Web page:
05 December, 2013

"Happy Christmas!" From Europe, With Love: Day 5: Österreichische Weihnachten

As mentioned in a previous post, Austria is one of the places I have always wanted to see.  Since I was a small child growing up on Rodgers and Hammerstein musicals (The King & I, South Pacific, Oklahoma!, and The Sound of Music to name some familiar ones), I often wondered if life was really all it was made out to be by the Von Trapp family.  I spent a fair amount of my childhood thinking it would be just awesome to live in Austria...of course, that only seems awesome to me knowing I grew up in a time when the Nazis no longer in existed as a superpower in that region.  Moving on...

The challenge I had with this country was that their native language is German...and so it follows that you can assume plenty of their customs and traditions around Christmastime will naturally be those of Germany as well.  So...sifting through recipes and traditions got a little repetitive for me when Austria was up to bat.  But...there is one (I felt like Galadriel saying this to myself) cookie that they have for their Weihnachten celebration that is never mistaken for a German tradition or dessert item.  Linzer pastries.  Be it a torte or a cookie, Linzer is all Austria...all of the time.

Named so for the Linz region of Austria, the Linzer torte (which the Linzer Sablés are conceptualized from) dates quite far back into European history.  As early as the 17th century the Linzer Torte was being concocted and loved in Austria at Admont Abbey.  I am truly tickled when I find old Christmas recipes that were SO loved and cherished that they were passed down and given a special place on the table every year, countrywide as well.  At some point the Linzer Sablé was introduced as a hand held, portable morsel of yumminess.  The difference in appearance is slight...instead of a lattice topped jam filled torte, what you get is a cutout topped jam filled cookie.  Both are fabulous, both quite addicting.  Either way I hope that you have a Frohe Weihnachten; Österreich liebt dich.

**The U.S. measurements appear first followed by the European weights in parenthesis, unless only U.S. measurements were given.  I weighed the amounts out first, then measured them with U.S. measuring cups and spoons.  You can thank me later.

Linzer Sablés
2 2/3 c. flour
1/2 tsp. cinnamon
1/4 tsp. cloves
2 sticks unsalted butter, softened
2/3 c. sugar
1c. nuts, ground fine (hazelnuts are traditional but any nut works)
1/4 tsp. salt
1 egg
1 c. black currant jelly
powdered sugar for dusting
parchment paper

In a bowl, combine the flour and spices, stir well to mix.

In the bowl of a standing electric mixer fitted with the paddle attachment beat together on medium speed the butter and sugar until soft and light, about 5 minutes. Lower the mixer speed and beat in the nuts (I used walnuts) and the flour and spice mixture, one cup at a time.

Remove the bowl form the mixer and use a large rubber spatula to finish mixing the dough. Scrape the dough onto a piece of plastic wrap and shape it into a rectangle about 1/2 inch think. Wrap and chill the dough until it is firm, about an hour, or up to several days.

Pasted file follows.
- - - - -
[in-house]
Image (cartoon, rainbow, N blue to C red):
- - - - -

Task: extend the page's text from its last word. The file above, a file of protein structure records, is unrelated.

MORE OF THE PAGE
When you are ready to bake the cookies center your baking racks in the center of the oven for even baking.

Cut the dough in half and roll out one half, making sure that for every cookie you cut with your cutter that doesn't have a center cut out, that you have one that DOES.  Every bottom needs a lid after you put the jam on it.  Press and pound the dough gently with a rolling pin to soften it a bit, then roll it out between two sheets of parchment paper until it is about 1/4 inch thick.  Line your baking sheets with parchment paper. 

Use a 2 1/2-to 3-inch round cookie cutter to cut the dough, unless you have a Linzer cutter set like I do. Just make sure if you aren't using a Linzer set that you have a miniature cutter for cutting out the centers of the tops of the cookies.  If you don't have mini cutters, you could use the backside of a piping tip.  It works...it makes a hole.  Place the cookies on the prepared pans, leaving about an inch around each in all directions.  Repeat with the remaining half of dough. Mass the scraps together and roll them once again to cut more cookies.

Bake the cookies for about 15 minutes, or until they are a very pale golden color. Cool them on the pans on racks.

While the cookies are baking, prepare the jam for the filling. Bring the jam to a simmer in a small saucepan over low heat, stirring occasionally. Let the jam reduce until it has thickened slightly, about 5 minutes.

After the cookies have cooled, dust the cookies with the cut outs lightly with the confectioners' sugar.

Invert the plain rounds and spread each with about 1/2 teaspoon of the reduced jam. Top with the cookies that have the cut outs, sugar side up. Use a small paper cone, a tiny spoon or the snipped corner of a plastic ziploc type bag to fill the window of the cookies with more reduced jam if you like.

Store the finished cookies between sheets of parchment or wax paper in a tin or plastic container with a tight-fitting cover.

The black currant filling in these is the perfect compliment to the walnuts in the cookie.  I have seen recipes for these with almonds or hazelnuts but the recipe I adapted from my friend in Austria was walnuts, so that was the one thing I was going to keep for sure.  They are a loverly, oily nut so they are sure to help the cookie keep moist.  I love that I was able to use my own black currant jam that I made this summer for these.  It gives it all the more meaning to me when I give them to someone to know that from start to finish, these were made by me with plenty of love.

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